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Published on: 30/05/2024

How does high-level political commitment drive change? And will it propel us faster towards achieving universal access to sanitation and water: a world where everyone is guaranteed full enjoyment of their rights to water and sanitation.

That was the challenge set by Laura Chinchilla, the former president of Costa Rica during the access to sanitation and water session of the Bandung Spirit Water Summit of the 10th World Water Forum. Her remarks set the stage for 90 minutes of dialogue on sanitation and water services between former Heads of States / Government and sector stakeholders.

Political leadership prioritising water and sanitation

We heard about the political leadership that is prioritising sanitation and water around the world. India, Nigeria, the Dominican Republic are some recent examples. But these are still exceptions. The Heads of State Initiatives, launched in 2023, is supporting partners to engage the highest levels of political power and working to increase the number of political leaders that make sanitation and water a priority. Leading up to the 10th WWF in Bali, the outgoing president of Indonesia published a decree making enhanced commitment to water and sanitation a key part of his legacy. All countries can show such leadership. 

While drinking water might be less trendy than digital transformation, no city or country will prosper without it, Laura Chinchilla reminded us. “Water and sanitation are arteries of development”. 

“When there is political will, there is a way…even if you are not a rich country”. As president of Chile serving two terms, Michelle Bachelet had a huge agenda working across all kinds of water challenges. How many heads of state can roll off such a comprehensive water agenda as they look back on their period in office? It needed a long-term vision, says Michelle Bachelet, but there are elections every four years, and the big strategies rarely attract attention or votes. Another challenge is the breadth of the nature of water issues and the large number of agencies involved. In Chile, the appointment of a tsar or coordinator on water was vital to produce a strong and coherent response across government. 

The previous World Water Forum was held in Senegal. This was one step along the path of leadership that Senegal has also been taking to elevate the issue of water. They have been a leader in the Continental Africa Water Investment Programme (AIP) and will likely co-organise the next major UN-conference with United Arab Emirates. Cheikh Tidiane Dieye, Minister of Hydraulics and Sanitation, Senegal sees financing as the big problem, calling for much more global solidarity to make finance available at low cost where it is needed.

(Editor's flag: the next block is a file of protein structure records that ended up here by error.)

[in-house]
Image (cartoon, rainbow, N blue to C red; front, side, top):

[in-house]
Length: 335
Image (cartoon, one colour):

Interestingly, Saroj Kumar Jha, the World Bank Group's Water Global Practice Director, frames the challenge differently. “We don’t have a water crisis, we have a water management crisis”. He reminds us that developing country governments allocate less than 2% of their budgets to water, and too big a chunk of that is not even spent. He makes a strong call for national leadership. “You can’t expect a difference with 2%”. “This is not leadership”. Arguing that lots has been done to build a finance pipeline, the immediate challenge is governance and more transparency. Particularly the creditworthiness and accountability of utilities. Too many don’t even audit and produce reports. Governance, he says, is the first step to get money flowing. “We have good conversations globally but leadership on this has to come from countries”. 

A global movement inspiring the most forward-thinking leaders

It takes strong leadership to get all the right policies and strategies in place, to mobilise domestic resources, and to get those finance flows working, says Cecilia Scharp (UNICEF's Head of WASH, Climate and Environment). That’s why with the Sanitation and Water for All partnership, the Government of the Netherlands, the WASH think tank IRC, and other partners have created the Heads of State Initiatives (HOSI). It tries to nurture “a global movement inspiring the most forward-thinking leaders”. We need to celebrate the commitment in Indonesia says Cecilia Scharp, but also South Sudan who will shortly sign the first compact in Africa.  

The tagline of the 10th WWF - water for shared prosperity – while laudable ended up feeling perhaps a bit naïve. At times the mood in Bali was more critical, especially from marginalised stakeholders and youth. Michelle Bachelet had also made the point in the Bandung Spirit Water Summit session that leadership and good governance give space to all perspectives and voices in water decision taking.    

At the same time, the parallel People’s Water Forum that was scheduled to be held 40 kms away, was closed down. 

In current times, the weaponization of water in war is a terrible development. It is illegal but that does not stop it happening. A wider concern about the broken system of international cooperation lies behind this. The rules are being broken.  

It needs another kind of leadership. Looking back to the 1955 Bandung Conference, which was followed up by the Non-aligned Movement and even the setup of the UN itself, there is hope that the UN could be reformed and be made fit for purpose in a new world.  

So, a couple of big challenges were put front and centre in Bali. The 10th WWF is calling for political leadership in countries, and globally to drive a new era of water cooperation. 

Acknowledgements: This blog was compiled by John Butterworth, Vida Duti and Erma Uijtewaal 

IRC participated last week in the 10th World Water Forum held in Bali, Indonesia


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